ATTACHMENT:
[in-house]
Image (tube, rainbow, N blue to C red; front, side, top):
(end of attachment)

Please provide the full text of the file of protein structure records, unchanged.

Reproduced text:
[in-house]
Image (tube, rainbow, N blue to C red; front, side, top):